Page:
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Among cancer's victims: children who must go on

This is going to be difficult. It's not easy to open up to the public about personal and traumatic events in one's life.

My first wife, Lenore, died of breast cancer in 2000. Although we were divorced, Lenore and I remained close, and she was close to my current wife, Diane. When the cancer spread to her liver and her final days on earth were few, I flew to Denver, with Diane's encouragement, to be at Lenore's bedside along with my adult children.

With toxins building up from her failing liver, her condition deteriorated during her final week to the point that she was lying incoherent in the hospice bed at home. We all took turns holding her hand, brushing her hair, placing ice chips in her mouth and gently repositioning her in bed. The only time she opened her eyes was from the pain caused by moving her, but the morphine helped hold that in check. She didn't respond to our voices, but all of us took turns talking to her those final days.

Just a few hours before Lenore succumbed to her terrible illness, family members were gathered in the dining room while I was at her bedside, holding her hand. What followed will stay with me forever.

I was stroking her hair, squeezing her hand and telling her out loud, "Lenore, I don't want you to worry about the kids. I will make sure that they will be all right."

Lenore turned her head in my direction, opened her eyes and looked directly at me. While nodding, she mouthed the words "I know," and then went back to her gentle sleep. I looked up in astonishment, hoping that someone else had seen this, but no one had.

Later that evening her respiration became shallow and eventually ceased. Our children were positioned on both sides of her and were able to send her off to heaven, telling her through their tears that they loved her. The loss of anyone's parent is difficult, but as adults, my children handled it with resolve and reluctant understanding. That is not always the case for young children who lose a parent.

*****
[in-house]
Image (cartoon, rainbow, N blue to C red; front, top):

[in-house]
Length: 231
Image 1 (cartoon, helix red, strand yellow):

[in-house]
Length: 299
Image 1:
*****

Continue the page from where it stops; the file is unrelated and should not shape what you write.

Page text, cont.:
One of our Largo Police Department lieutenants is struggling with cancer. He and his wife are great parents to three wonderful children, all under the age of 10. His condition is serious enough to give us all great pause about what life would be like without him. I can't even imagine how his children would deal with the grief of his passing, which I continue to pray won't happen.

Brian Griese of the Tampa Bay Buccaneers experienced such a loss at the age of 12. His mother, Judi, passed away from breast cancer. In honor of his mother, Brian founded Judi's House, a support community created to help children between the ages of 3 and 18 deal with the loss of a loved one. Through his vision, children and families have a resource where they can grieve in an environment of support, acceptance and understanding.

Should you and your family members be among the thousands of people with a story similar to ours, there is a place to turn for more information and resources. I encourage you to visit Judi's House at www.judishouse.org, or locally, contact Suncoast Hospice at www.thehospice.org. Both organizations have resources to help you with the grieving process. Tax-deductible donations are welcome.

Finally, it's a proven fact that early detection saves lives. Call your doctor today for that screening that you've been putting off.

Lester Aradi is chief of police in Largo.

Among cancer's victims: children who must go on 10/18/08 [Last modified: Monday, November 7, 2011 5:40pm]
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